Rolling terrain, scenic history
Lake County has vast trails that are perfect for nordic skiers. The following is a list of trails, some popular, some not so popular, for those ready to strap into those skis and stretch those legs.
One of those trails that has grown in popularity over the years is the Mineral Belt Trail.
“The best part about the Mineral Belt Trail is the scenery and that it’s paved,” said Leadville resident Sherry Robinson. “It has a gentle grade, and I can access it a block and a half from my house.”
Leadville’s vibrant mining history is highlighted on this scenic 13-mile loop. Six miles of this trail meanders through the historic Leadville Mining District, offering unsurpassed views of the Sawatch and Mosquito ranges. The trail also serves as a lab for Colorado Mountain College students learning to groom trails. As a result, grooming may be intermittent during Christmas break. Trailheads are located throughout the town. The trail is easily accessed at the Lake County Public Library (1115 Harrison Avenue) or East 5th Street and East 6th Street.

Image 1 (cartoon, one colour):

Winter enthusiasts will find the trail snowcat-groomed, giving them the opportunity to freestyle and Nordic ski, snowshoe and winter bike.
CMC students start grooming in January, and that’s when the trails provide the opportunity to skate ski, depending on the conditions, Robinson said.
“I like to go first thing in the morning, but it’s better to wait until it warms up a titch,” Robinson said. “It can get pretty cold.”
The Mineral Belt Trail’s alignment parallels California Gulch, the site of Leadville’s first gold strike and earliest settlement. It cuts through the heart of the mineral belt that earned Leadville the moniker of “Colorado’s Silver City.” The trail traverses Fryer, Fairview, Carbonate, Iron and Rock Hills, where miners carved from the brutal mountainsides.
Vail Daily, Vail, Colorado CO